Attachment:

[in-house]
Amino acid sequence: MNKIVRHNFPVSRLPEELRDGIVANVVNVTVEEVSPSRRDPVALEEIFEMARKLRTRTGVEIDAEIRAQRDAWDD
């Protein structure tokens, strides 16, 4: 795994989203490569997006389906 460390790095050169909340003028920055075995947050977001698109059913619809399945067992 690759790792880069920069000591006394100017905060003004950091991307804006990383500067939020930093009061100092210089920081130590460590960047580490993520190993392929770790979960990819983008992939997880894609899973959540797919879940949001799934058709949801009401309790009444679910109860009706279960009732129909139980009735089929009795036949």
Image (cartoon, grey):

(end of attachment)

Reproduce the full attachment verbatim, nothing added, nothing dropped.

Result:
[in-house]
Amino acid sequence: MNKIVRHNFPVSRLPEELRDGIVANVVNVTVEEVSPSRRDPVALEEIFEMARKLRTRTGVEIDAEIRAQRDAWDD
């Protein structure tokens, strides 16, 4: 795994989203490569997006389906 460390790095050169909340003028920055075995947050977001698109059913619809399945067992 690759790792880069920069000591006394100017905060003004950091991307804006990383500067939020930093009061100092210089920081130590460590960047580490993520190993392929770790979960990819983008992939997880894609899973959540797919879940949001799934058709949801009401309790009444679910109860009706279960009732129909139980009735089929009795036949």
Image (cartoon, grey):